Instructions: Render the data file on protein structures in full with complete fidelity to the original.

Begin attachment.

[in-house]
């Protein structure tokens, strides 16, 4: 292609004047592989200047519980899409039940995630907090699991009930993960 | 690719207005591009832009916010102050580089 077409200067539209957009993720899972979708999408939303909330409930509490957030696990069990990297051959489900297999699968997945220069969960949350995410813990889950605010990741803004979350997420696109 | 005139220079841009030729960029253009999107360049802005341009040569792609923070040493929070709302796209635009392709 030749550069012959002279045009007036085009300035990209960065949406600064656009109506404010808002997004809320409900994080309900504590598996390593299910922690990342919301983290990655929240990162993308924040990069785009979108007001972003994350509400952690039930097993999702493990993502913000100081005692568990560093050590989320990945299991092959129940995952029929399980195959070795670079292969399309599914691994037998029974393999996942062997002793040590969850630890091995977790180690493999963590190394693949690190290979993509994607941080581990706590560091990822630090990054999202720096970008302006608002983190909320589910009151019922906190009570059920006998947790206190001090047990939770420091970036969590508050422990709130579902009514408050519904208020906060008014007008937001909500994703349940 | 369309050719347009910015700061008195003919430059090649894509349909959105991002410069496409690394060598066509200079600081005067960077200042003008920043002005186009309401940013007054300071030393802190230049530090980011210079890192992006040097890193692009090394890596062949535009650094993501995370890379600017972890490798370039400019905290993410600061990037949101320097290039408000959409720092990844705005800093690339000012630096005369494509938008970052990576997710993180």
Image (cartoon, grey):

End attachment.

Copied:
[in-house]
């Protein structure tokens, strides 16, 4: 292609004047592989200047519980899409039940995630907090699991009930993960 | 690719207005591009832009916010102050580089 077409200067539209957009993720899972979708999408939303909330409930509490957030696990069990990297051959489900297999699968997945220069969960949350995410813990889950605010990741803004979350997420696109 | 005139220079841009030729960029253009999107360049802005341009040569792609923070040493929070709302796209635009392709 030749550069012959002279045009007036085009300035990209960065949406600064656009109506404010808002997004809320409900994080309900504590598996390593299910922690990342919301983290990655929240990162993308924040990069785009979108007001972003994350509400952690039930097993999702493990993502913000100081005692568990560093050590989320990945299991092959129940995952029929399980195959070795670079292969399309599914691994037998029974393999996942062997002793040590969850630890091995977790180690493999963590190394693949690190290979993509994607941080581990706590560091990822630090990054999202720096970008302006608002983190909320589910009151019922906190009570059920006998947790206190001090047990939770420091970036969590508050422990709130579902009514408050519904208020906060008014007008937001909500994703349940 | 369309050719347009910015700061008195003919430059090649894509349909959105991002410069496409690394060598066509200079600081005067960077200042003008920043002005186009309401940013007054300071030393802190230049530090980011210079890192992006040097890193692009090394890596062949535009650094993501995370890379600017972890490798370039400019905290993410600061990037949101320097290039408000959409720092990844705005800093690339000012630096005369494509938008970052990576997710993180």
Image (cartoon, grey):